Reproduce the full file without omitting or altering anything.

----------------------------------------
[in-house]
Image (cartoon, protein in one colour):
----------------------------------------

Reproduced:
[in-house]
Image (cartoon, protein in one colour):